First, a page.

My former co-blogger Morning’s Minion recently attacked the idea of extending the so-called Bush tax cuts to individuals earning more than $250,000 a year:
It would cost $680 billion dollars over 10 year. This is far greater than the cost of extending unemployment benefits to those out of work, something the Republicans opposed vigorously (the unemployed do not fill their coffers). It gets worse. Nearly all of the benefit goes to the richest 1 percent, those making more than $500,000 a year. Even more than this, 55 percent of the benefit goes to a mere 120,000 people – the top one-tenth of 1 percent of all taxpayers. Doing the math, that comes to an average $3 million tax reduction to those lucky enough to sit at the helm of the income distribution. It is indeed the preferential option for the super rich. This would be troublesome at the best of times, but in the current economic climate when so many struggle to get by, it’s simply immoral.
I can see where Minion is coming from on this, but it seems to me that his position here (aside from being contrary to the views of most economists) is contrary to other things he’s written on the desirability of fiscal stimulus.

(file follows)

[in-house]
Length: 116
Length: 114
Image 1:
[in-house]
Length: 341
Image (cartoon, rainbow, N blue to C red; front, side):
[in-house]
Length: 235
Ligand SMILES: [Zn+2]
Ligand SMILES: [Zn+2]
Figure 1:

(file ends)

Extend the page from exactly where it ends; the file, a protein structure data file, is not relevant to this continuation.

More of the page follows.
Minion has repeatedly advocated the necessity of a large fiscal stimulus to prevent economic catastrophe, and has warned about the dangers of adopting a contractionary fiscal policy before we’ve achieved full recovery (indeed, I believe it’s his view that the initial stimulus should have been larger, and that a second stimulus now would also be desirable, assuming it was politically feasible).
Ending the the Bush tax cuts for high wage earners, however, *is* a contractionary fiscal move. Granted, in theory one could offset the contractionary effects of the tax increase by increasing spending or cutting taxes on lower wage earners. In practice, however, that’s not an option: the Evil Republicans won’t let you. So in reality the only way to avoid a fiscal contraction is to extend the Bush tax cuts for all earners. You don’t have to like it. You can think that enacting the tax cuts in the first place was horrible policy, and you can curse the Republicans to high heaven for putting you in this situation. But if you really believe in the importance of continued Keynesian fiscal stimulus, then it seems to me you have to support extending the tax cuts for everyone.